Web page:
from: Central Africa | cooking method: boiling-simmering
Gnetum africanum is a popular variety of greens (edible vegetable leaves) found throughout tropical Africa -- literally "found" because it grows wild in the forest and is usually not cultivated. It is a natural "forest product" that is gathered by rural people and sold in markets in cities big and small. It is even available in some African grocery stores in Europe. In English, Gnetum africanum is usually called "wild spinach" (though other plants are also called the same).
In the Kikongo language of the Congo region Gnetum africanum is called Mfumbwa or Fumbwa (in Angola, M'Fumbua or Fumbua). It is used to make Pondu na Fumbwa, which is also called Saka-Saka, or this recipe,
another of many African greens and peanut dishes: Fumbwa elambani na Mafuta ya Nguba -- Fumbwa with palm oil and peanut.
What you need
- one to two pounds (or more) of mfumbwa (fumbwa), or substitute any other greens: cassava leaves, collards, kale, turnip greens or similar; or spinach; cleaned, stems removed; and shredded, finely cut, or pounded in a mortar with a pestle
- one cup peanuts (or peanut butter)
- one or two ripe tomatoes, peeled and chopped (or canned tomato paste, or canned tomato)
- one leek (or one onion), finely chopped
- one piece of dried, salted, or smoked fish (the size of your hand), bones and skin removed, cleaned, soaked in water, and rinsed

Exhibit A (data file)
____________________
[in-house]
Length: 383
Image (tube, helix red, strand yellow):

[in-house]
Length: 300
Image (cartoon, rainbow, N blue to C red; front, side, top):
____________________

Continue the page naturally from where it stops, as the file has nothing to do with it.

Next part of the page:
- one cup red palm oil
What you do
- Place the greens in a large pot. Add enough water to partially cover. Bring to a boil. Reduce heat, (do not cover), and simmer until greens begin to become tender. (Cooking time varies considerably depending on type of greens used.) Add water if pot becomes dry.
- Grind, chop, or pound peanuts into a fine paste. (Or you can start with natural, sugar-free peanut butter.)
- When greens are mostly tender and liquid is reduced, add tomatoes (or tomato paste), leek (or onion), and dried fish. Continue to simmer, on low heat, stirring occasionally. Simmer until everything is tender and ready to eat.
- Remove a cup of the pot liquid and combine it with the peanut paste in a bowl. Stir to obtain a smooth sauce. Stir the peanut sauce into the greens, and reduce heat to as low as possible. Top with red palm oil and simmer for a few more minutes.
- Serve with boiled Yams or sweet potatoes and/or Chikwangue or Rice.
The red palm oil, added like a pat of butter or a drizzle of olive oil in a European dish, gives the greens a distinctive flavor and color. Homemade red palm oil and palm butter, made from the fruit of the African oil palm (Elaesis guineensis) are features of tropical African cooking. See Poulet Moambé / Poulet Nyembwe.
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